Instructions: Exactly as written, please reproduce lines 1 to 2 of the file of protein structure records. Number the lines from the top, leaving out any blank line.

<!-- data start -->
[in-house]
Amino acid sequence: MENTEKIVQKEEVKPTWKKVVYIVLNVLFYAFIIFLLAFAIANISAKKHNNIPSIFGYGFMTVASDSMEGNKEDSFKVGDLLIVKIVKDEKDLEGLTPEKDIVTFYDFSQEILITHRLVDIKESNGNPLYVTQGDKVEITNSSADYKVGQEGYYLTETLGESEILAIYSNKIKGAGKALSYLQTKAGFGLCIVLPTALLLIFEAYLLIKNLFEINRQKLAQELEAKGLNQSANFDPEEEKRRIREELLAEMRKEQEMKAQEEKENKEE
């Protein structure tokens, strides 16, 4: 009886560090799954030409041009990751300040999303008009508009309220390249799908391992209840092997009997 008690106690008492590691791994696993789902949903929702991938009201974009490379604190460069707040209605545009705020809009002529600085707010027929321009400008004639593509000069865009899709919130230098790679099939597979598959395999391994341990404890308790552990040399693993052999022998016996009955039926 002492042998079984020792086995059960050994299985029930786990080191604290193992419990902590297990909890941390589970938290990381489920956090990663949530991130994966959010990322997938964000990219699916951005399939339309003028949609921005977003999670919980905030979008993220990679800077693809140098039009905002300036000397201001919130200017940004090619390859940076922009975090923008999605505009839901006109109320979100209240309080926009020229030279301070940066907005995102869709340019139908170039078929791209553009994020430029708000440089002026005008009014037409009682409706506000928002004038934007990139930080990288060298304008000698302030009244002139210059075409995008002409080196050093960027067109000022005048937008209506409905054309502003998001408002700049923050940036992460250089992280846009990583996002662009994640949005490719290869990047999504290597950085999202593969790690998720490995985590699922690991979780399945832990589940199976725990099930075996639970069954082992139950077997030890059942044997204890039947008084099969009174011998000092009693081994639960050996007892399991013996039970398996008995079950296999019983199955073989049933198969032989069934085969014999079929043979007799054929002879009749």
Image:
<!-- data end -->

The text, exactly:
[in-house]
Amino acid sequence: MENTEKIVQKEEVKPTWKKVVYIVLNVLFYAFIIFLLAFAIANISAKKHNNIPSIFGYGFMTVASDSMEGNKEDSFKVGDLLIVKIVKDEKDLEGLTPEKDIVTFYDFSQEILITHRLVDIKESNGNPLYVTQGDKVEITNSSADYKVGQEGYYLTETLGESEILAIYSNKIKGAGKALSYLQTKAGFGLCIVLPTALLLIFEAYLLIKNLFEINRQKLAQELEAKGLNQSANFDPEEEKRRIREELLAEMRKEQEMKAQEEKENKEE